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Proceedings Paper

Bio-optical time series collected in coastal waters for SeaWiFS calibration and validation: large structure shadowing considerations
Author(s): Edward G. Kearns; Rodney Riley; Catherine Woody
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Paper Abstract

A suite of bio-optical sensor is to be deployed by the National Data Buoy Center (NDBC) in coastal waters in anticipation of the launch of the SeaWiFS instrument aborad the SeaStar satellite. Surface-referenced solar irradiance, upwelling radiance, chlorophyll concentration, pressure, temperature, conductivity, and oxygen concentration will be measured at depth. Hourly reports of time averages of these quantities will be made available through GOES satellite messages which will be disseminated through normal NDBC data channels as well as through the Internet in near-real time. High resolution time series data will be collected for post- processing to evaluate the hourly measurements. These data will provide valuable ground-truth information for SeaWiFS calibration. The bio-optical sensors and the data recording and transmission systems have been installed for field testing at the Army Corps of Engineers facility in Duck, North Carolina. The final installation of the sensor systems has been delayed by damage suffered by the targeted platform as well as by a review of sensor mounting strategies inspired by a tower shadowing study conducted by NDBC. Radiometric measurements taken by NDBC near the Apache 900 oil production platform located in the northern Gulf of Mexico show evidence of significant shadowing effects from such large ocean structures. Approximations derived from the least-squares fit of an analytical function to data collected during overcast conditions indicate that distances from the structure of greater than 100 m must be achieved to avoid any shadowing effects.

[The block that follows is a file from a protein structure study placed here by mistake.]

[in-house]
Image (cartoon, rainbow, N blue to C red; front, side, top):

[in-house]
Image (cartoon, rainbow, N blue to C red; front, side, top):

Paper Details

Date Published: 6 February 1997
PDF: 6 pages
Proc. SPIE 2963, Ocean Optics XIII, (6 February 1997); doi: 10.1117/12.266387
Show Author Affiliations
Edward G. Kearns, Computer Sciences Corp. (United States)
Rodney Riley, Computer Sciences Corp. (United States)
Catherine Woody, National Oceanic and Atmospheric Administration (United States)


Published in SPIE Proceedings Vol. 2963:
Ocean Optics XIII
Steven G. Ackleson; Robert J. Frouin, Editor(s)

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